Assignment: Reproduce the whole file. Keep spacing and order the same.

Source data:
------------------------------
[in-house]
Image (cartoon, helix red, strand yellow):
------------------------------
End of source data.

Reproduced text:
[in-house]
Image (cartoon, helix red, strand yellow):